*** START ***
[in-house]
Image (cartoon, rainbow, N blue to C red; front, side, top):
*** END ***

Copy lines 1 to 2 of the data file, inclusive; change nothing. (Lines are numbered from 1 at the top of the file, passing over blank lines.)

[in-house]
Image (cartoon, rainbow, N blue to C red; front, side, top):